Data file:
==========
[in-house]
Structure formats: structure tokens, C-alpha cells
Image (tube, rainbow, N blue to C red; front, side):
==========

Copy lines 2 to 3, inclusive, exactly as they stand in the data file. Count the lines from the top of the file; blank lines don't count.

Structure formats: structure tokens, C-alpha cells
Image (tube, rainbow, N blue to C red; front, side):